A community for students.

Here's the question you clicked on:

55 members online
  • 0 replying
  • 0 viewing

anonymous

  • 4 years ago

does anyone know an algebraic way to solve ln(t)-t=ln(9.21), a better question is there an algebraic way, I think there has to be

  • This Question is Closed
  1. TuringTest
    • 4 years ago
    Best Response
    You've already chosen the best response.
    Medals 0

    I don't think there is a simple algebraic way to do this. There are perhaps more advanced techniques oh satellite know I bet

  2. anonymous
    • 4 years ago
    Best Response
    You've already chosen the best response.
    Medals 0

    \[\ln(t)-t<0\] so there is no solution

  3. TuringTest
    • 4 years ago
    Best Response
    You've already chosen the best response.
    Medals 0

    no real solution...

  4. TuringTest
    • 4 years ago
    Best Response
    You've already chosen the best response.
    Medals 0

    http://www.wolframalpha.com/input/?i=+solve+ln%28t%29-t%3Dln%289.21%29

  5. anonymous
    • 4 years ago
    Best Response
    You've already chosen the best response.
    Medals 0

    you are not going to find that using algebra, i am almost certain

  6. anonymous
    • 4 years ago
    Best Response
    You've already chosen the best response.
    Medals 0

    any ideas how wolfram took it to imaginary plane

  7. anonymous
    • 4 years ago
    Best Response
    You've already chosen the best response.
    Medals 0

    ln(t)−t=2.22.....

  8. TuringTest
    • 4 years ago
    Best Response
    You've already chosen the best response.
    Medals 0

    yeah can't proceed from there because of what sat pointed out

  9. anonymous
    • 4 years ago
    Best Response
    You've already chosen the best response.
    Medals 0

    what's the technique then to solve it going to imaginary numbers?

  10. TuringTest
    • 4 years ago
    Best Response
    You've already chosen the best response.
    Medals 0

    It depends on the situation de moivre, complex analysis, etc... sometimes you can get imaginary numbers with just the quadratic formula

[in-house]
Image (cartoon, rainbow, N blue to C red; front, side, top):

11. anonymous
    • 4 years ago
    Best Response
    You've already chosen the best response.
    Medals 0

    you usually define \[\log(z)\] in the complex plane as \[\log(z)=\log(r)+i\theta\] but the function is not single values unless you specify \[0\leq \theta <2\pi\] or some other interval of length \[2\pi\] because the polar form of a complex number is not unique

  12. anonymous
    • 4 years ago
    Best Response
    You've already chosen the best response.
    Medals 0

    thanks for the help

  13. Not the answer you are looking for?
    Search for more explanations.

    • Attachments:

Ask your own question

Sign Up
Find more explanations on OpenStudy
Privacy Policy

Your question is ready. Sign up for free to start getting answers.

spraguer (Moderator)
5 → View Detailed Profile

is replying to Can someone tell me what button the professor is hitting...

23

  • Teamwork 19 Teammate
  • Problem Solving 19 Hero
  • You have blocked this person.
  • ✔ You're a fan Checking fan status...

Thanks for being so helpful in mathematics. If you are getting quality help, make sure you spread the word about OpenStudy.

This is the testimonial you wrote.
You haven't written a testimonial for Owlfred.